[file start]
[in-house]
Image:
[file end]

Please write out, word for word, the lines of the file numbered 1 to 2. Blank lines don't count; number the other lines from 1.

[in-house]
Image: